Inside Minnesota’s bill requiring carbon-free electricity by 2040

It was part of Gov. Tim Walz’s (D) climate action plan released before the midterm elections.
Minnesota Gov. Tim Walz speaks to the media Wednesday, Nov. 9, 2022, in St. Paul, Minn. Minnesota Democrats completed a trifecta Wednesday by winning both houses of the legislature to take full control of state government for the first time in eight years. (AP Photo/Abbie Parr)

The Minnesota Senate sent Gov. Tim Walz (D) legislation to require the state to move to 100% carbon-free electricity by 2040, making good on one of the party’s top climate priorities.

The measure also streamlines the siting process for certain solar projects, clarifies what qualifies as a renewable energy source, and specifies the circumstances under which the public utilities commission can allow the modification or delay of new renewable, carbon-free or solar standards.

Passage of the measure reflects the significance of the Democrats winning a one-seat majority in the Senate following the midterm elections. It is their third attempt to pass a clean-energy bill. Similar measures were pursued by the Democratic-controlled House in 2019 and 2021 but were ignored by the GOP Senate majority.

The bill was part of the climate action plan Walz released in the fall before the election. Passage of the bill came on the heels of Walz signing a bill that codifies the right to an abortion.

During debate on the clean-energy measure, Senate Republicans offered a series of amendments to the bill, which they argued would raise energy costs and make electricity less reliable in the state.

“The blackout bill passed by Democrats tonight will lead to higher costs, less reliable energy, and could very well put people’s lives at risk,” Senate Minority Leader Mark Johnson (R) said.

One GOP amendment sought to add language requested by North Dakota, which has threatened to sue Minnesota over concern that the bill violates the Constitution’s interstate commerce clause. North Dakota argues that the legislation is trying to regulate electricity providers in neighboring states and that the measure would hurt North Dakota’s ability to sell power to Minnesota.

But Democrats, led by Sen. Nick Frentz (D), chairman of the chamber’s energy panel, rejected the idea and cited an analysis from Harvard Law School that found no such violation. He added that the bill is designed to address inaction on climate change, the cost of which the state and nation is already shouldering.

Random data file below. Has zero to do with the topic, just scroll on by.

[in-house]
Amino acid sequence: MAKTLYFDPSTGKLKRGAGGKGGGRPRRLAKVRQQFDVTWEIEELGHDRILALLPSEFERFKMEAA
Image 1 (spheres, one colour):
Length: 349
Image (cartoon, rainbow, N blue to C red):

“The things that they told us are going to happen 30 years ago are happening right now,” Frentz said. “And the cost to be discussed here is the cost we are already paying.”

After passing the House last week, the measure passed the Senate late Thursday night on a 34–33 party-line vote.

Minnesota joins more than 20 states across the country that have a 100% clean energy law, according to a list maintained by the Clean Energy States Alliance. The group categorizes clean-energy states as those that have at a minimum a requirement to eventually generate all electricity from clean energy.

Warren Leon, the group’s director, said Minnesota’s move sends a signal to other states in the Midwest and positions the state to take advantage of green energy, weatherization and other policies included in the federal Infrastructure Investment and Jobs Act and the Inflation Reduction Act.

“This will be a very positive signal to other states in the region,” Leon said.

Below are some highlights from the bill:

  • Establishes a carbon-free resource standard for all covered electric utilities that starts at 80% in 2030 and increases by steps to 100 percent by 2040.
  • Modifies the definition of “solar energy generating system” by adding certain small transmission lines that interconnect a solar generating system with a high-voltage transmission line. This would bring these small transmission lines under the public utility commission’s permitting authority. Currently, these small transmission lines are generally subject to county or local permitting authority.
  • States that when the state commissioner of commerce conducts an environmental review for solar energy generating systems, the commissioner shall not consider any alternate site that was not proposed by an applicant.
  • Specifies that the public utility commission can delay or modify the deadlines laid out in the legislation. Factors the commission must consider include environmental costs, the impacts on environmental justice areas, and the impact of beneficial electrification. It also adds more specific factors the commission must consider in evaluating whether transmission capacity constraints require a delay or modification.
  • Nuclear power is included as a carbon-free energy source, but not a renewable energy source. Renewable energy includes power derived by solar, wind, some hydroelectric, and hydrogen, provided that after 2010 the hydrogen is generated from a renewable source.